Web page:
Web/Tech

Dating Communication: Call, Text, Email or Social Media?

466698613With so many methods of communication these days, it can be tough to know how you should contact someone once you’re interested in them. It can be easier to text, email, tweet, or write on their Facebook wall, but are there times when you really should pick up the phone and call? 

In a survey conducted by It’s Just Lunch of over 26,000 singles on how technology impacts relationships, 65 percent of respondents said they were more likely to text than call after swapping phone numbers with someone to whom they’re attracted. Nearly half of them indicated they interacted with their love interest on social media either daily or weekly. 

Let’s face it: typing is easier than talking for most people, especially when nerves and feelings are involved. Just because it’s the easy thing to do though doesn’t mean it’s the right thing to do

Here are four instances to watch out for when it comes to your means of communication:

Plan dates over the phone 

There’s a time and a place for texts, emails and social media, but it’s not when planning dates early in your relationship. 

“Ultimately, relationships are built on communication,” said Julie Lopez, head of matchmaking at It’s Just Lunch. “The best way to develop a healthy line of communication is to start from day one.” 

Want to shoot the other person a quick message to tell them you had a great time on your date? Feel free to pull out your phone and fire off a short text or email. 

Never drink and text 

This one isn’t just a no-no for texting and other forms of messaging, it applies to phone calls as well. Rarely will anything good come from a drunk message. It’s entirely likely you’ll come off as immature if it’s obvious you’re drinking. It’s not outside the realm of possibility you might sound like a jerk. Plus, if you send one drunk message, you’ll probably send ten. Now you’re annoying. 

Not to mention liquid courage tends to make people say things they might not otherwise be ready to say, which leads us to our next inappropriate situation for typing . . . . 

Feelings should be verbalized 

When you need to express a feeling for the first time - whether that’s affection, love, disappointment or anger - it shouldn’t be through a device. It all goes back to developing communication as the bedrock of your relationship. If you can’t express your feelings to their face now, you may continue struggling to express those feelings throughout your relationship. 

Of course, if you’re already saying “I love you” in person, feel free to text, tweet, email or shout it from the rooftops. Just don’t let that first time the other person knows your true feelings be on a telephone screen.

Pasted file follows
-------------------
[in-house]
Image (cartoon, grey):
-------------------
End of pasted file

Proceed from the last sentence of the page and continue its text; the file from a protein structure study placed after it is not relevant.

No fighting and typing 

Don’t be a coward. If you’re upset, speak with the other person (preferably in person). Without tone or body language, it’s easy for both sides to misinterpret the issue. 

Ultimately, the biggest danger in using technology to communicate for any of these reasons is the potential for misinterpretation and misunderstanding. One of the top reasons - if not the top reason - relationships fail is because of a lack of communication. Interacting via text, email and social media is fine for a quick, light-hearted message but should never be your primary means of communicating. 

Are you still looking for your match? Let the matchmakers at It's Just Lunch help you. Get started today by calling us at 1-800-489-7897 or click here to tell us a little about yourself.


How Facebook Can Predict Romance

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Yes, you’ve heard every single’s online dating horror story (the no-show, the psycho, the loser). Despite algorithms, without question, dating a mix of anonymous strangers doesn’t always convert to a feasible and authentic romance. Following that logic, chances are the odds of meeting a mate in your own social circle would run even higher. When birds of a feather flock together, naturally compatibility ensues. Isn’t that how it goes? Not necessarily according to a recent study conducted by a Cornell University researcher and Facebook engineer. Based on data from 1.3 million Facebook users who declared themselves “in a relationship,” the study shows that more romantic connections blossom when both partners have a diverse group of friends, even if the connections within their circles aren’t very strong. In other words, the more friends two people have in common, the more likely the chances of a break up.